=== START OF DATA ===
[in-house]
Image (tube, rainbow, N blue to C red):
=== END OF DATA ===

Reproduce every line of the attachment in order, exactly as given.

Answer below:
[in-house]
Image (tube, rainbow, N blue to C red):